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A Santa Maria story
James M. Sullivan
Start from the beginning of the Santa Maria series
Ant pushed his stop-sign-red locks out his eyes as he tried to read the maddening gibberish that passed for instructions on assembling the baby swing her purchased for little Helen. He looked over to baby in her playpen.
"I hope you like this singing moon swing, Helen. It might just be the end of me trying to get it put together for you."
He took another look at the directions.
If I ever find the sadist who designed this I'll?
The chime of the doorbell interrupted his thoughts. He tossed the pamphlet aside, stood up, and headed to the door. On the other side was a woman in her late thirties. She has tan skin, ice blue eyes, and long brunette hair. She was dressed sharply in a pinstripe pants suit and she carried an expensive leather briefcase.
"Hola! Is Rodrigo Valencia home?" she asked with a warm smile and a thick, Spanish accent.
"No. No, he isn't at the moment. He's been called away for work. An emergency," Ant answered. "Are you the lawyer? Daphne's friend, I mean?"
"Si. Yes, Daphne asked me to meet with Rodrigo and his partner. I'm Iris, Iris Arco."
"Please come in," Ant offered and held the door open wider in a welcoming gesture. "I'm Anthony Schovajsa, but you can call me Ant. Everyone does," he said as the visitor entered the apartment.
"Pleased to met you Ant," Iris said. She walked over the glass topped dinning room table and placed he briefcase on it. "Now, are you certain you are willing to do this while Rodrigo is at work? My time is very limited, but I do understand this is a special case. I do want to help you two keep custody of baby Helen."
"Thank you," Ant said, crossing to her after having closed the front door. "Work doesn't normally call him in. This is honestly a very rare, if ill timed, occurrence."
"I understand," she said with a half smile. "Where does he work? We will need to get information about his employer for the courts. And do you work, Ant?"
"Oh. Um, where does he work? Well he works with Daphne. He's a sort of liaison. As for me, no I don't have a job. I'm a home-maker, I guess you could say," Ant replied, a toothy grin stretching across his face.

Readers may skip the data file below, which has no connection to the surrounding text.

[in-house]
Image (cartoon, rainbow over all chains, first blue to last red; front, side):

"The city, huh? Okay, have him email me his information. Now, for the gist of it; I do not think your homosexuality is going to be a concern, though very likely Montgomery's council will try to make a big deal of it. Our biggest concern is that neither of you are blood relatives or related by marriage to Helen. This is basically a private adoption, except you did know the birth mother. In California family members are typically given the option to adopt first, especially grandparents. Montgomery's attorney is going to argue that as a relative he should have been given the first option to adopt."
"Maybe so, but how can he expect anyone to have known about him? Neither Bree nor her mother ever mentioned Jackson to either of us. Do we also have to worry about going through this with any long lost relatives of Duncan's?"
"No, I have a signed statement here from Muriel and James Evans, maternal great aunt and uncle of Duncan's. They support your adoption, but of course they don't currently know about Jackson. They have stated they are too old to raise a baby themselves, but would like pictures and reports regularly and they have set up a trust for Helen. It isn't much, but it was sweet of them."
"Why is the first we're hearing about them?"
"To be honest, Ant, Daphne used her connections to push things through. On top of that, with the financial state California is in, thorough investigations into adoptee's background checks is not high on the list of things to get done. My office paid for the checks and we found the Evanses. It's all be arranged and taken care of now. I presume you don't object to keeping them updated about baby Helen?"
"No, of course not. It's too back Jackson isn't as understanding and supportive as Duncan's family is being."
"People can do strange things when it comes to family. Now, the next thing we should discuss is arrangements for?", Iris began to say but was cut off by the buzzing of Ant's cell phone.
"Excuse me," he said as he fished he cell phone out of his pocket. After glancing at the screen he said, "I have to take this, it won't be a moment." He flipped open the phone and walked away talking to whomever was on the other end. Iris walked away from the table herself and approached the playpen.
"Hello little one," she cooed at baby Helen. "You're an awfully important little girl, you know." She bent her knees to bring herself down to the child. She smiled and began to whisper in Spanish. The pattern of the words was almost melodic.
"Tierra Madre, por favor, proteger esta ni?Por favor env?sus hijos Fuego, Viento, y R?y p?les que proteger a esta chica. Por favor env?sus hijas Flora, Fauna, y Tormenta y p?les que proteger a esta chica. Las Hermanas Estrellas y Los Hermanos Cometas pueden ver m?de su, mientras Luna Madre sonr?abajo a ella en la oscuridad. Pido que todos los de la Luz proteger esta ni?n su hora de necesidad."
Soft green sparkles began to shimmer around baby Helen who giggled at the impromptu light show.
"Now that ought to do the trick," Iris said quietly, smiling at the babe.
Calliope jumped when Brady appeared in the room.
"Hi," he said sheepishly. He was dressed in usual suit vest sans shirt and blue jeans that had seen better days. His tan skin was smooth and his short brown was mussed as always.
"Brady, you can't be here. I've been forbidden to see you. She stood up from her bed, her long, pink nightgown flowing about her. She was frowning, but the sparkle in her blue eyes let him know she was happy to see him.